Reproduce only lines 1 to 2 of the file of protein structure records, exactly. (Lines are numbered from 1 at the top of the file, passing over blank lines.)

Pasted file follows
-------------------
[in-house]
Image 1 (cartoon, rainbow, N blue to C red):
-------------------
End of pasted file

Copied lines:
[in-house]
Image 1 (cartoon, rainbow, N blue to C red):